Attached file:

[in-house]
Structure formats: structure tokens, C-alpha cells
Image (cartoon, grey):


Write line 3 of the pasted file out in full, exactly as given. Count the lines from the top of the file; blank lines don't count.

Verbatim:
Image (cartoon, grey):